There’s a moment in everyone’s life where you wish you could go back to a more simple time. For most that time was when we were children and the world wasn’t so much of a scary place but a place full of wonder, intrigue and hope. I want you to pay attention to the last word because this review revolves all around that; hope. Not too long ago I did a Monday newz article and one topic was on this game of I, hope.
The game caught my eye because it deals with the very serious subject matter of Cancer, not only that but of childhood cancer more specifically. When I was talking about how everyone wants to go back to a more simple time like childhood, there are children out there who are facing more life threatening scenarios than most of us would see in our own lifetime. This game sets to bring out the fighter in these children who play, so they can build the courage to face this disease head on.
The Story Line
Let’s start where just about most reviews start, with the story line. The story involves a little girl by the name of Hope. Hope’s home has been invaded by an evil monster that goes by the name of Cancer. Cancer cells have possessed the animals of the different islands that revolve around her home, these Cancer tentacles even take possession of the islands themselves. With guidance from Hope’s grandfather, Hope set’s off on an adventure to save the islands and her home from the terror that is Cancer.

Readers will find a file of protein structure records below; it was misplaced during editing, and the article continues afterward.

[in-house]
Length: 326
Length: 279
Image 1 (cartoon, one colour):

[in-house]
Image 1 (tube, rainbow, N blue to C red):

The story alone hits you right in the feels because it is so on the nose of what it sets out to do; putting a child in the fighting spirit to duke it out with Cancer head on. Children shouldn’t have to be faced with their own mortality before even living their life, the way this game gives them “Hope” is amazing. They can fight cancer in real life by going through their treatments and virtually by being a kid and fighting it in the video game world as well. With each different island comes a different puzzle and quest. By saving these islands from the Cancer cells and the Cancer tentacles, Hope is also collecting useful items that will aid her in the final fight against Cancer. The developer Kenny Roy put a lot of thought into how to cross the game world of a somewhat traditional action/adventure title and really make it more cathartic for the gamers it was geared towards.
By keeping in mind the game is geared towards children with a life threatening illness a lot of the game play mechanics can be forgiven. This game was not designed for me but I have to be as honest as possible because it is a review after all. The game play is about average here, nothing that hasn’t been seen before for the most part. There is a basic offensive attack with only four moves for swinging your staff at enemies. The animations are lacking in the area of swinging your weapon, whether you’re walking or running, the animation is still the same four cycled positions.